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Once a job-generating machine, Florida has led the nation in job losses recently. The Tampa Bay area has been the hardest-hit metro area. Nationwide, 9.5-million people are out of work. - Behind the numbers are tales of financial woes and personal struggles. Here are excerpts from the Let's Talk blog on

Came to Tampa from up north in 2003 after I was pushed out of my management position in IT by a company buyout and resultant shutdown. . . . Well, here I am 5-plus years later. No home, had to sell it with no job, no new job, despite looking nationwide and sending at least 800 resumes the past five years. . . .

Now I have an MBA, BBA, and a number of technical certifications that I paid for in 2006 ($4,000-plus) to address recruiters and "potential employers" concerns about my "currency," so they said . . . It hasn't made a hill of beans difference.

What employers really are doing is practicing rampant age discrimination (yes, I am slightly over 50.) . . . and "citizen discrimination" since all they really want are H1Bs and L1s so they can pay less than what a citizen needs to live in the U.S.

The wealthy movers and shakers have killed the golden goose . . . and gouging from AIG and the list of "golden parachutes" paid to the guilty, things will just continue along. The average guy hasn't a chance anymore.

Ah well, time to worry about something very new in America. . . . something to eat!

Tapped Out Long Before This Mess

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I AM working, after being laid off last year. As a server. And I can't afford to pay rent, because no one is going out to eat anymore. Sad thing is seeing people every day trying to get MY job.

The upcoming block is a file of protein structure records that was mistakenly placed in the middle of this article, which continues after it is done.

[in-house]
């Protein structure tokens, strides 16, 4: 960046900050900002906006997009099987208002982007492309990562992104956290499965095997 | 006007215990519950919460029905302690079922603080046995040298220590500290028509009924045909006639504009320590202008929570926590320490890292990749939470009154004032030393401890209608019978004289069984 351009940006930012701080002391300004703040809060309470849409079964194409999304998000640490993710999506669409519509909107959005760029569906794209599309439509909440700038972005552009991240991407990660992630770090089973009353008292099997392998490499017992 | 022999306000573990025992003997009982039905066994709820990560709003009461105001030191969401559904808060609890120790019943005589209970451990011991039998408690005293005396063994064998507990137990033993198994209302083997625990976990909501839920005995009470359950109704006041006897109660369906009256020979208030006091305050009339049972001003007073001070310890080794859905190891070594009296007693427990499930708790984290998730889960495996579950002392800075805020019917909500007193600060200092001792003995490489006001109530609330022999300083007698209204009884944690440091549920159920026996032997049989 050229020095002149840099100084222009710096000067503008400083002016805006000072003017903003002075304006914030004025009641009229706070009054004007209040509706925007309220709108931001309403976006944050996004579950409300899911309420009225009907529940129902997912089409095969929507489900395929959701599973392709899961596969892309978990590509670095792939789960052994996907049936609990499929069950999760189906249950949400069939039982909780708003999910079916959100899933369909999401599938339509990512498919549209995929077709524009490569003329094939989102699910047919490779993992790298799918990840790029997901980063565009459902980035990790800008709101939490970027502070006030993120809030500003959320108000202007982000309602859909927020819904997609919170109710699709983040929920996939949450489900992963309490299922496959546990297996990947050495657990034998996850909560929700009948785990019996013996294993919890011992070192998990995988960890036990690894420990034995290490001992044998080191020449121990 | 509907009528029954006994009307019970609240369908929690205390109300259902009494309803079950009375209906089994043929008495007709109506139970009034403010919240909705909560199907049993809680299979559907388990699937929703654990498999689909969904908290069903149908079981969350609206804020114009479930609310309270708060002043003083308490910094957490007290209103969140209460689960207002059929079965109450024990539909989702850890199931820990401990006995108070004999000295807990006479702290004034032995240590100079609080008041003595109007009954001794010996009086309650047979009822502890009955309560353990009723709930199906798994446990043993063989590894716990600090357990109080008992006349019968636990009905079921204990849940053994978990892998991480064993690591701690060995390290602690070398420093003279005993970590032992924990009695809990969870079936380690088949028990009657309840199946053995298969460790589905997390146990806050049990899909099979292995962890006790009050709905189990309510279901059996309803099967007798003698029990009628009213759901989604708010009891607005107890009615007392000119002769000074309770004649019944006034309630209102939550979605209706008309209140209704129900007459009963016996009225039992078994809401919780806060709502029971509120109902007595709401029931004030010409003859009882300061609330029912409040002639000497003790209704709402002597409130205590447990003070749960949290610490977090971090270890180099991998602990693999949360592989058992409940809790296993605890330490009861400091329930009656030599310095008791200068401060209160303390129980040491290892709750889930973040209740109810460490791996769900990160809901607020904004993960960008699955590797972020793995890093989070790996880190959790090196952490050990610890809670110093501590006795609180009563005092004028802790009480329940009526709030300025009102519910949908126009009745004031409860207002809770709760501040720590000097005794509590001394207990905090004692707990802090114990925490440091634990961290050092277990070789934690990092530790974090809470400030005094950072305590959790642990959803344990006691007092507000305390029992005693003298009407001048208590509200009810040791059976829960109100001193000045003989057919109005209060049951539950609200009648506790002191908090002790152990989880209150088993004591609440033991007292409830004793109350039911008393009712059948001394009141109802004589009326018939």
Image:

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I'm an electrician with 26 years of experience. A single dad with custody. I've always been proud to work and never needed help. Now I'm laid-off, only income is $250 a month in child support (and that's iffy). Too much to qualify for help. I have relatives that are all right financially so I keep having thoughts of leaving my 7-year-old with them and taking my miserable life. Thanks, oh greedy ones!

A Dad

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I've been out of work since last November. I'm 59 years old and, yes, they do discriminate against the older worker. I've sent my resume out and once in while I will get an interview. Once I get the interview and they see me, I never hear from them again. My husband is working but like many others we cannot live on one income. I was making 42K a year. Now I get unemployment which will soon run out. We have gone through all our savings just to keep the things we have. I was never late on our mortgage until two months ago when we ran out of savings. To catch up we are now living on cash advances from credit cards. I recently went on an interview with a local bank and it looks promising. The majority of people there were older. To make things worse, I have RA, and require medication that if we didn't have insurance would cost $5,600 every three months. We lost most of our 401(k) and I recently pulled out what was left and put it in a CD. How are we surviving? When I run out of unemployment, we stop paying the mortgage, extra $1,600 a month in our pockets. Figure it will take at least a year before they even try to foreclose.


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I'm not out of work - yet, although I'm worried my company will go belly-up, it has laid off a lot of people, but I survived. Still, I keep looking around for something and there hasn't been anything else. I'm hunkered down though. I buy food and pay my bills and that's it. If I owned a home instead of being in an apartment now, I would plant a large garden. But I think I will grow some lettuce and a few tomato plants in my south-facing pantry window.


Comments have been edited for length and clarity.

How are you coping?

If you have a story to share about how you're coping in tough economic times in a tight job market, we'd like to hear about it. - If you're out of work, how are you surviving? - How are your prospects for getting a new job? - Have you changed fields as a result of the economic turmoil? - Please e-mail your responses to with "Jobloss" in the subject line; make sure to include your name, age, where you live and contact information.